Philosophical Conversations Public Opinion Junk for code
parliament house.gif
Think Tanks
Oz Blogs
Economic Blogs
Foreign Policy Blogs
International Blogs
Media Blogs
South Australian Weblogs
Economic Resources
Environment Links
Political Resources
South Australian Links
"...public opinion deserves to be respected as well as despised" G.W.F. Hegel, 'Philosophy of Right'

Obama on the move « Previous | |Next »
August 29, 2008

The Democratic Convention comes to an end with a speech by Obama on the anniversary of Marin Luther King's 'I Have a Dream' speech delivered from the steps of the Lincoln Memorial during the March on Washington in 1963. Will this content in the television show known as the Convention, provide a means to counter the Republican attacks?:

BellObama1.jpg Steve Bell

Timothy Garton Ash says that power of US presidents is decreasing.

For this, too, defines the Obama moment: that the relative power of the president of the United States of America has diminished, is diminishing, and will continue to diminish. Just consider what has been happening outside the American election bubble. In Georgia, Russia has cocked a snook at Washington and torn up the terms of the post-cold war settlement. In Afghanistan and Pakistan, Islamic extremists are growing stronger, not weaker, as we pay the price for George Bush's wild goose chase in Iraq.

The power of the US empire may heave reached its limits now that a unipolar world is changing, but the power of the President is increasing due to increasing centralization of power of the White House at the expense of Congress.

| Posted by Gary Sauer-Thompson at 8:42 AM | | Comments (11)


Is it power that's being lost, or democratic legitimacy? Bush has demonstrated that a lack of legitimacy doesn't stop power.

The only reason the US presidency is in decline as no-one, not even the American people these days either, sees Bush as legitimate. The Europeans have decided they were correct in their initial assessment of him, and the US voting populance has become sick of the bad governance.

An international president, which I think Obama will be (and McCain sadly wont any longer) will quickly right American power and make it legitimate again.

I also agree that the executive is dominating democratic politics and constitutional systems. Not sure how the legislative will re-assert itself again. It was lost in the Westminster centuries ago. Wonder if it is lost to the Washington system for good now too.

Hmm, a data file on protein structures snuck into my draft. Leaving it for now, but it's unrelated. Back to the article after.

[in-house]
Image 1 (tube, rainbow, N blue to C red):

I expect Obama will be elected Prez. I also expect that over his first term the world cartoonists will gradually depict him more monkey-like. It will be interesting to watch. Sort of a De-evolving.

Cam, there seem to be two kinds of legitimacy at stake - the global kind and the national kind. What counts as legitimate for the American electorate seems to be different to what counts as legitimate for the rest of the world. I'm thinking about the global response to the 2004 outcome.

Would Obama have legitimacy problems at home that he wouldn't have globally, whereas McCain would have the reverse? They both seem to be between a rock and a hard place.

What if McCain won? What then?

Nan, the Republicans remain deeply divided, have a shrinking base, have trampled on the Constitution and overtly embracing policies (torture) that are at odds with how Americans have perceived their country.

Gary, Quite possibly. Though I don't think McCain's foreign policy populism is that popular. There is a strong Jeffersonian streak (isolationist) in the US electorate when it comes to foreign policy. Then again the peace dividend of Clinton's time is never talked of anymore, Bush trashed that.

I dont think either candidate has established themselves strongly in the domestic arena. Most of the policies are pretty vapid and dont move much or inspire imagination or salve concerns. I think both are more foreign policy candidates.

I saw a DVD of Michael Moore's documentary Sicko about the US health system over the weekend. The health insurance funds came out as very bad in terms of helping to look after people's health.

Theres' an issue that needs addressing through some form of national insurance. Is it being addressed? It was by Hillary Clinton.

Gary, I have to have shoulder surgery soon, which will be the largest interface I shall have with the US health care system so far. I did the broken leg I had in the US under Australian health/travel insurance.

IIRC the clinton and obama campaign's policies on health care were almost the same. I recall them being compared on NPR. It was when there were more candidates like Kucinich. Of all the health policies none were like the Auian or European systems.

I wish you well given the account of the actions of the private health funds in Sicko where most of the energy was spent in denying people access to services so as to increase profits.

Paul Krugman, from memory, wrote a lot in the New York Times about the health policies of Obama and Clinton during the Democrat primaries. He thought Clinton's was better though I cannot remember the reason. More universal?

Gary, IIRC both were modeled on the Masschussettes legislation which was put into place under Romney. Most of it is in making insurance mandatory, same as they do for car insurance. That means healthy people are subsidising unhealthy people and spreading the health risk around for insurers.

All the plans were based on insurance rather than health preventions. Insurance is good for catastrophes (like an engine blowing up) but not oil and brake changes. I think the economic technology is in error and the politics in the US cannot change from the insurance model.